Blink And You May Get Fired

This post is an excerpt from the essay ‘Blink And You May Get Fired’.

I just lost my fourth job in ten years.

The first ax fell at a national department store whose CEO decided to “trim fat” as he continued ringing up $300,000 in quarterly bonuses. I lost the next job at an ad agency, where the principals overcharged clients while freezing employee raises; and the next at a well-known corporation, where the new president decided to deep-six the marketing department in favor of outsourcing. The latest demise shares a core commonality with the others: termination without cause. In other words, I was fired simply because it was my employer’s will to fire me. Sue, you say? Gladly I would, were it not for a federal law that makes any chance of winning in court impossible. It’s the At-Will Employment law; and it gives employers in all fifty states carte blanche to dismiss employees at any time, for any reason (except discrimination and a few other easy-to-prove wrongful motivations) — indeed, for no reason at all. (So much for the American Dream.)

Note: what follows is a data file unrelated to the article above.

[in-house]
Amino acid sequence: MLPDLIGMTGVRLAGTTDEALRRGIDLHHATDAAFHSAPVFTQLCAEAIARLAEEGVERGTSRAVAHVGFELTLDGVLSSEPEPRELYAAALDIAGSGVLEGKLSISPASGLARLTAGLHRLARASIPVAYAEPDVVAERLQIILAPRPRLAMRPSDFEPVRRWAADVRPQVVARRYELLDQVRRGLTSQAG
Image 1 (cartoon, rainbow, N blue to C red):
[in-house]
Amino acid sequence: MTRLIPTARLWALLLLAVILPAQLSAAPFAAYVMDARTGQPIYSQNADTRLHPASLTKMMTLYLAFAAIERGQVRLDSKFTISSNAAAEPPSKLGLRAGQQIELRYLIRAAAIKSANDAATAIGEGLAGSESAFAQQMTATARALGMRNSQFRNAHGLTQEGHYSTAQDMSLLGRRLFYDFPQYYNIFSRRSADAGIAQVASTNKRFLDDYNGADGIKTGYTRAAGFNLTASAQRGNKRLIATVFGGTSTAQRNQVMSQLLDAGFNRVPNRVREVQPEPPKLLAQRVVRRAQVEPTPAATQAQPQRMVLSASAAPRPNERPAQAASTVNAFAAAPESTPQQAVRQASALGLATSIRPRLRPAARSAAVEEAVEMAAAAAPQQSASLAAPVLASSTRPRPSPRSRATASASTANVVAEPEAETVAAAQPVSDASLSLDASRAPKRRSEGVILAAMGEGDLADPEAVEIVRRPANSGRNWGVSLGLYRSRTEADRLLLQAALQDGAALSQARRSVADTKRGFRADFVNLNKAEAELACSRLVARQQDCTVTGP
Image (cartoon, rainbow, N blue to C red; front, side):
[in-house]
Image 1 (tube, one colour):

How can such a clearly biased statute be legal?

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